Perspective | Here’s One Insurance CEO’s Secret Formula to Success
For most office people, the working day is largely unstructured. You spend your time reacting to whatever is on fire at any given moment and fill in the gaps with projects that require attention.
You try not to show your annoyance when the phone rings or colleagues burst in just as you’ve reached E=mc something.
The self-effacing CEO of a global insurance and reinsurance company, who would be embarrassed if I told you his name — we’ll call him Edward — taught me a better way.
Edward was acclaimed for his efficiency, clearing twice as many plates in the average day as the rest of us, yet finding time for creative thinking.
Given his weighty responsibilities, he was just about the most relaxed cat, in an ever-vigilant way, that I ever met.
Edward wasn’t much for reacting. He took control of his day from the moment he arrived and did not let up until the moment he mounted his moped (this was in Bermuda) for the ride home, during which he did his creative thinking.
Edward broke his day into sections; each was spent on one sole aspect of his job.
He did not take incoming phone calls, except for an hour after lunch. All other calls went straight to his secretary, who made a list of callers.
At 1 p.m. every day, Edward took his messages and went out to buy a sandwich. At 2 p.m., having marshalled his thoughts on each message over lunch, he would methodically call all those who had called him earlier. He kept his calls short.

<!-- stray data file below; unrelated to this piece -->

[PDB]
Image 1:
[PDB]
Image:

From 3 p.m., he dealt with email for an hour. He kept his emails short, too.
The only exceptions to this routine were emergency calls. He took those, trusting his secretary to send him only the very gravest of immediate problems. She sent through no more than a handful of such calls in many years.
“It’s business,” he would say with a shrug, “not life and death.”
It takes great confidence to make the world conform to you, rather than vice versa.
The people Edward dealt with, a high-powered bunch, came to understand his methods and acted accordingly.
So much of what passes for important at work is not. Recognizing that, and learning how to tell the relevant from the less so, helped make Edward a giant among his fellow men and women.
The wisdom applies to all of us, even if we have a boss who initially won’t stand for you not answering your phone.
Edward started not taking calls on the first day he was a manager. His bosses learned that such were his ways, and his continuing success left them no grounds on which to complain.
Latterly, it must have helped that he was the CEO and therefore, nominally, didn’t have a hands-on boss.
But even Edward’s chairman and fellow board members acquiesced to his strictures. It made him a better manager, he explained, and earned him respect.
A circular process, then: he took charge of his working life and was seen to be better for it by all concerned.
Try it. I did. It worked. &